Drummer Satoshi Takieshi lays swinging grooves over which Oscar Noriega
navigates his reeds and through which Ross Lossing weaves his keys (piano,
Rhodes, and clavinet). For his part, Grdina gives a solid performance and
shows that he can rein in his more exploratory impulses. Because of the
music’s creative conventionality (neologism or nonsense?) and its gentle
dynamism (especially the in tracks like “Seeds” and the titular “Cooper’s
Park” the effort is much tighter than Grdina’s more freewheeling releases.
And, Cooper’s Park does venture beyond the contemporary funk-laced
jazz into prog rhythm and restrained free jazz discordance. At times, as in
the enchantingly delicate ten-minute introduction to “Wayward”, first
Grdina, then Lossing, followed by Noriega and Takieshi shine through an
understated economy rather than forceful superfluity of melody and
consonance. These excursions and extended blissful passages, however,
remain the exception and the result somewhat less compelling than some of
Grdina’s more out recordings.

Gordon Grdina’s Nomad Trio – Nomad (Skirl Records, 2020) ****½

is the newest of the bunch and the second piano trio. On this disc, Grdina
is complemented by Matt Mitchell (who, especially




, has been showing himself to be one of the premier pianists in the scene)
and Jim Black on drums.

Coming off listening to Skin and Bones, it is clear from the very
first notes of the opener “Wildlife” that Nomad is a different
beast. It has a more rhythmic, free rock vibe. It has more recognizable
melodic progressions and harmonies. Some of this may be attributable to the
fact that Grdina composed all tracks himself. That said, Nomad is
still open and heavily improvisational. Grdina may set the direction, but
Mitchell and Black help take us there. Take “Wildfire.” It begins with
discordance. Grdina meanders around his electric guitar; Mitchell plods
around a plucky series of chords and rhythms; Black fumbles around and
crashes magnificently. It is difficult to hear what is composed apart from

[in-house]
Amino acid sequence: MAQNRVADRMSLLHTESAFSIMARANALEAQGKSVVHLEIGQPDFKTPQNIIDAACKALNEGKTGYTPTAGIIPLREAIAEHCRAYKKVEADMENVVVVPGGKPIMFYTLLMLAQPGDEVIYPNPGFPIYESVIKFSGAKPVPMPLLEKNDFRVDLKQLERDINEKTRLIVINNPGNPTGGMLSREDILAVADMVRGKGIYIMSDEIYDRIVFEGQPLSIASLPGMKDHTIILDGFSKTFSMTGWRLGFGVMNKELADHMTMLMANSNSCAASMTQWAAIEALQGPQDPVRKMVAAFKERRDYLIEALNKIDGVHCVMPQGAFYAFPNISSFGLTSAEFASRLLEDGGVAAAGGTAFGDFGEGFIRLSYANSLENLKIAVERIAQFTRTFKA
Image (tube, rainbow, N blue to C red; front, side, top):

maybe the mood of the starting point, the basic trajectory of the piece,
and a coda at the end. Then again, the piece is unified. Despite a lot of
freedom to wander, the track moves to a singular effect. Most other tracks,
including the eponymous “Nomad,” are of a similar ilk, even as their
compositions come out more clearly in repeated melodies that lay the
groundwork for the improvisational meat that follows. This is fusion,
tending toward thick guitar lines and stilted, heavy melodicism, minus the
soaring (and showy) flourishes that the latter label evokes. It is not that
the band plays with Bauhaus/new objectivity instrumentality or shuns
displays of virtuosity; rather, when they do embellish, they do so with
purpose. The end-products are more meditations on converging styles or a
mood than the start-stop melodic jumbling that a lot of composed guitar
music of this type tends toward. The final cut, “Lady Choral,” is a
seductive, Iberian outlier, wherein Grdina, unplugs and turns to the oud
for an extended solo. The result is a sparser, but deeply emotive piece
that seems to reference classical Arabic music even more than the heavier
guitar music that drives the rest of the album. A moving and meditative
departure, and perfect conclusion to a compelling excursion to the fault
where hard(er) rock and free jazz merge (or deviate).